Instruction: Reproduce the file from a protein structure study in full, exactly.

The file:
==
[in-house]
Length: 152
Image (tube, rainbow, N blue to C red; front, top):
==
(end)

[in-house]
Length: 152
Image (tube, rainbow, N blue to C red; front, top):